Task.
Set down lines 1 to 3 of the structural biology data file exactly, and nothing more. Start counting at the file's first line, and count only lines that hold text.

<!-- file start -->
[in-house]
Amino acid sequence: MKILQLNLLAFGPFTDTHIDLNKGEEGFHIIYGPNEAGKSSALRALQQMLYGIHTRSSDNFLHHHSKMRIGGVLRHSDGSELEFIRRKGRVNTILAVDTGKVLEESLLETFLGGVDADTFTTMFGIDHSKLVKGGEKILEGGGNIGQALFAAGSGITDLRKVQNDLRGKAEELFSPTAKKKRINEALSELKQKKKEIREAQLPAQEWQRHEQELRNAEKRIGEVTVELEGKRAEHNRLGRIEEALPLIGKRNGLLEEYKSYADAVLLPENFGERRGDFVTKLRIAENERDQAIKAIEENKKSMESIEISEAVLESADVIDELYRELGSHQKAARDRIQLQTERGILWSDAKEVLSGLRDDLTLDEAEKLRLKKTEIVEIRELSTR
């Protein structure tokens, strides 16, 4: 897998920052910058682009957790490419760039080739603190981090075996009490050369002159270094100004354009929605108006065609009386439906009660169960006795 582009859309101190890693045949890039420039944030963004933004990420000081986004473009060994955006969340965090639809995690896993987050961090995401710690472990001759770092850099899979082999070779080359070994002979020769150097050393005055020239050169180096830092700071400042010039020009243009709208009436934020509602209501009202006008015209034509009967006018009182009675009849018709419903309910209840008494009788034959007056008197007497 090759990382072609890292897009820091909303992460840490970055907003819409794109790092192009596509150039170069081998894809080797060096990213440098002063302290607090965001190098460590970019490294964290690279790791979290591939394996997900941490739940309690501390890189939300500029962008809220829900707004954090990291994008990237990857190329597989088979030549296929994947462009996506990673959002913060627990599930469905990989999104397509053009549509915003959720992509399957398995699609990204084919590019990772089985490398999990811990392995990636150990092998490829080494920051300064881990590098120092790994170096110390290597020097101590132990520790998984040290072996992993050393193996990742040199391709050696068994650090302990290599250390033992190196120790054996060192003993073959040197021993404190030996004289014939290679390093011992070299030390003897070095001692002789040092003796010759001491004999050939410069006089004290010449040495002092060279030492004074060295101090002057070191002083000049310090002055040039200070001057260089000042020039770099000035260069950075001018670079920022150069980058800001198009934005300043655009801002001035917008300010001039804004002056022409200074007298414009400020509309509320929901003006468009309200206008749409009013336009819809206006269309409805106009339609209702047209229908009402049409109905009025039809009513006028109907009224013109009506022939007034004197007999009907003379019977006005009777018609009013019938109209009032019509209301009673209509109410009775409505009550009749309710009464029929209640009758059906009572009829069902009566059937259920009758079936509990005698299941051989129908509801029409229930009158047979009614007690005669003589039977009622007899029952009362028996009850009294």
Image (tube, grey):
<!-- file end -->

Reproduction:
[in-house]
Amino acid sequence: MKILQLNLLAFGPFTDTHIDLNKGEEGFHIIYGPNEAGKSSALRALQQMLYGIHTRSSDNFLHHHSKMRIGGVLRHSDGSELEFIRRKGRVNTILAVDTGKVLEESLLETFLGGVDADTFTTMFGIDHSKLVKGGEKILEGGGNIGQALFAAGSGITDLRKVQNDLRGKAEELFSPTAKKKRINEALSELKQKKKEIREAQLPAQEWQRHEQELRNAEKRIGEVTVELEGKRAEHNRLGRIEEALPLIGKRNGLLEEYKSYADAVLLPENFGERRGDFVTKLRIAENERDQAIKAIEENKKSMESIEISEAVLESADVIDELYRELGSHQKAARDRIQLQTERGILWSDAKEVLSGLRDDLTLDEAEKLRLKKTEIVEIRELSTR
């Protein structure tokens, strides 16, 4: 897998920052910058682009957790490419760039080739603190981090075996009490050369002159270094100004354009929605108006065609009386439906009660169960006795 582009859309101190890693045949890039420039944030963004933004990420000081986004473009060994955006969340965090639809995690896993987050961090995401710690472990001759770092850099899979082999070779080359070994002979020769150097050393005055020239050169180096830092700071400042010039020009243009709208009436934020509602209501009202006008015209034509009967006018009182009675009849018709419903309910209840008494009788034959007056008197007497 090759990382072609890292897009820091909303992460840490970055907003819409794109790092192009596509150039170069081998894809080797060096990213440098002063302290607090965001190098460590970019490294964290690279790791979290591939394996997900941490739940309690501390890189939300500029962008809220829900707004954090990291994008990237990857190329597989088979030549296929994947462009996506990673959002913060627990599930469905990989999104397509053009549509915003959720992509399957398995699609990204084919590019990772089985490398999990811990392995990636150990092998490829080494920051300064881990590098120092790994170096110390290597020097101590132990520790998984040290072996992993050393193996990742040199391709050696068994650090302990290599250390033992190196120790054996060192003993073959040197021993404190030996004289014939290679390093011992070299030390003897070095001692002789040092003796010759001491004999050939410069006089004290010449040495002092060279030492004074060295101090002057070191002083000049310090002055040039200070001057260089000042020039770099000035260069950075001018670079920022150069980058800001198009934005300043655009801002001035917008300010001039804004002056022409200074007298414009400020509309509320929901003006468009309200206008749409009013336009819809206006269309409805106009339609209702047209229908009402049409109905009025039809009513006028109907009224013109009506022939007034004197007999009907003379019977006005009777018609009013019938109209009032019509209301009673209509109410009775409505009550009749309710009464029929209640009758059906009572009829069902009566059937259920009758079936509990005698299941051989129908509801029409229930009158047979009614007690005669003589039977009622007899029952009362028996009850009294």